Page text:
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Tropentag, September 20 - 22, 2023, Berlin

"Competing pathways for equitable food systems transformation:
trade-offs and synergies"

Solar food processing by drying in an off-grid system in Kenya

Alexander Morgenstern1, Matthias Fischer2, Albert Esper2, Morine Mukami3, Linus Kosambo Ayoo4, Huxley Mae Makonde5, James Mwaluma3, Peter Odote3

1Fraunhofer-Institute for Solar Energy Systems ISE, Heating and Cooling Technologies, Germany
2Innotech Ingenieursgesellschaft mbH, Germany
3Kenya Marine and Fisheries Research Institute (KMFRI), Kenya
4Kenya Industrial Research and Development Institute, Kenya
5Technical University of Mombasa (TUM), Kenya


In coastal Kenya, lack of cold storage facilities and appropriate technologies result in losses of harvested and fresh products. Coastal fishermen as well as farmers suffer from this situation as they are forced to sell their produce as soon as possible fresh, to dealers or at uneconomical prices. The warm weather in the region also hastens spoilage, especially of fish. Sun drying on open grounds is prone to contamination and produce poor quality fish that cannot gain access to high value markets.
The project SolCoolDry, supported by the Federal Ministry of Food and Agriculture (BMEL), aims to support the fisherman and farmers by the development and set-up of a 100% solar powered, off-grid system for drying beside the production of ice. The system using solar thermal energy designed to provide a 24-hour operation of the solar tunnel dryer. Degradation processes of the material to be dried during night hours can therewith be avoided. The overall system consists of a sea container shaded by a roof of PV-modules and solar thermal collectors. All additional electric components to power the ice machine are installed in the container. Next to it, two solar tunnel driers have been set up – one with solar thermal support for optimised night operation and the other as simple stand-alone solar dryer. Using a monitoring system allows the partners to keep an eye from remote at the operation behaviour and to support the local operators.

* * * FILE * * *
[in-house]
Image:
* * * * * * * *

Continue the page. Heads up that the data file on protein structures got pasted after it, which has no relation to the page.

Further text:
For test and demonstration of the capacity as well as for training purposes different tests of the driers where conducted. With both dryers, excellent product quality could be achieved for various types of fish and several fruits and vegetables, while drying time was significantly reduced compared to conventional methods. By means of a novel concept of loading, the capacity of the installed dryers can be increased up to double, which also allows larger drying batches. In the test runs, it was shown that the overnight heat supply is effective: the heat was transferred to the product and the drying process could be continued throughout the night at 5-10 Kelvin above ambient temperature.

Keywords: Drying, food processing, off grid, solar

Contact Address: Alexander Morgenstern, Fraunhofer-Institute for Solar Energy Systems ISE, Heating and Cooling Technologies, Heidenhofstr. 2, 79110 Freiburg, Germany, e-mail: alexander.morgenstern@ise.fraunhofer.de

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